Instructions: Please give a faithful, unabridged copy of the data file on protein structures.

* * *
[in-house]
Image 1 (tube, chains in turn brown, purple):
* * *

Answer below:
[in-house]
Image 1 (tube, chains in turn brown, purple):